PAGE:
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At once sly comedy and tense thriller, François Ozon’s “In the House” is a story about storytelling; about what can happen when we get lost inside a life that isn’t ours. “Am I a fictional character?” someone demands, late in the film, as literature and life blur at the edges. It’s fiction about life that becomes fiction that might be life — and the viewer happily dives in.

The great, hollow-eyed Fabrice Luchini (“Intimate Strangers”) stars as Germain, a bored English teacher coasting toward retirement at the Lycee Gustave Flaubert. One day, his student Claude (Ernst Umhauer) hands in a paper in which he describes being in his friend Rapha’s house, seeing things not intended for a visitor’s eyes. Germain chastises him, but Claude continues to write about what he sees in the house: his attraction to Rapha’s mother (Emmanuelle Seigner), the troubles of Rapha’s father (Denis Menochet), the “middle-class” life of the family. Germain becomes fascinated — as does his wife, Jeanne (Kristin Scott Thomas), reading over his shoulder. Worlds collide, truth mingles with writerly embellishment, and Germain starts popping up, in delicious Zelig-like fashion, in Claude’s stories.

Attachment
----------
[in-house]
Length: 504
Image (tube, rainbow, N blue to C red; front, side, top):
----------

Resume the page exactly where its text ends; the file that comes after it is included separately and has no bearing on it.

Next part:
It’s layer upon layer, and it’s a pleasure, particularly Scott Thomas’ gimlet-eyed Jeanne (upon first reading Claude’s paper, she’s ready to sort everyone out) and composer Philippe Rombi’s enticingly insistent score. At the end, we’re reminded that behind every window is a story — and that Claude will surely be peeking behind another curtain, on another day.

Moira Macdonald: 206-464-2725 or mmacdonald@seattletimes.com